XENIA — The recent Ohio Supreme Court ruling that allowed Xenia to annex a strip of land connecting it to Central State University has led to many questions and rumors about the university and surrounding neighborhood.
Will the city annex the entire campus, which university leaders have requested?
Will Xenia attempt to annex portions of the Wilberforce neighborhood across from CSU?
What will the city do with the land it has already won the right to annex?
Some clarity may be coming soon. City council is expected to begin discussions on the proposed partnership between the city and university during a special meeting after Thursday’s regular council meeting.
“The issue of whether or not to move forward with annexation of Central State University, the council clearly said at the time they would take it up at a later date,” City Manager Brent Merriman said. “It’s a point of conversation that they do need to make a policy decision if or how they need to proceed. They’ve not made any definitive action at this point.”
Merriman said CSU could lower its operating costs and the city would have a “substantial” financial benefit if annexation took place. CSU is paying for water, sewer and fire and EMS services from Xenia. If it becomes part of the city, fire and EMS would be required services and CSU would no longer have to pay the non-resident surcharge for water.
Xenia would receive income tax from campus employees and even after losing the fire contract and water surcharge revenue, there would be a net benefit of several hundred thousand dollars, Merriman said.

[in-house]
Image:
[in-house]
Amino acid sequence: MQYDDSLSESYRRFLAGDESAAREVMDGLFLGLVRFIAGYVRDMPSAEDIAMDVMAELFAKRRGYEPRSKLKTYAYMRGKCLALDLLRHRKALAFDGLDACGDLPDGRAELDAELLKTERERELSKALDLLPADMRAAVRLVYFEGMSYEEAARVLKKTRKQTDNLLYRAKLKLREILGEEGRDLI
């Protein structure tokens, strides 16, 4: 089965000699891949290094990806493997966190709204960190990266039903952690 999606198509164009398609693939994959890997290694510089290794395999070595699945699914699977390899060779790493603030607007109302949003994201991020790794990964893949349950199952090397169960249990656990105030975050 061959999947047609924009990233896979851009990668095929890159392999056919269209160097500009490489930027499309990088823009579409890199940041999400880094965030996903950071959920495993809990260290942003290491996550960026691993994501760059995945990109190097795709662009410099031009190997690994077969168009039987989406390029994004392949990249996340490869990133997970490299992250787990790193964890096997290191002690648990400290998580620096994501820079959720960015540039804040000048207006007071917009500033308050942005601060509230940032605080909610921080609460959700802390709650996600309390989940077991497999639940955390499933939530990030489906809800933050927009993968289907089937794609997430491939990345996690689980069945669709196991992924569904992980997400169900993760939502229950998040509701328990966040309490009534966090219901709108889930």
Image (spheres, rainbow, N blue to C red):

If the city does move forward with the CSU partnership, Merriman said there is no plan to continue that annexation across the street, or anywhere else in the township. Many Wilberforce residents voiced those concerns and others as the annexation began its initial phases.
“They can’t be annexed if they don’t want to,” Merriman said. “At no point in time has the current or prior council had any conversations about any attempts at forced annexation of the Wilberforce area.”
Merriman said courts in the past have not been in favor of municipalities claiming eminent domain as a way to annex land, and its only been exercised in Xenia with issues of utilities and transportation projects. While public development is allowable under the eminent domain umbrella, Merriman doesn’t think Xenia has ever done that.
And given that Wilberforce is not in the city, claiming eminent domain is not advisable.
“The concept of the city exercising eminent domain outside of our jurisdiction … we would not even consider that,” Merriman said. “That would be wrought with legal peril.”
If the city opts to not pursue the CSU relationship, Merriman is not sure what Xenia will do with the 45.6 acres it is annexing. But he assures neighbors across State Route 42 that any development there will be an appropriate fit. He said the city’s zoning code is “more rigid” than township standards and the city does not take part in what is known as spot zoning, where a small parcel of land is rezoned for a use not consistent with areas around it.
The strip of land is currently zoned for governmental and institutional use and while the city is “pro development,” Merriman said the city’s land development code requires consideration of adjoining properties and how they are zoned and used, even if those properties are not in the city.
Contact Scott Halasz at 937-502-4507.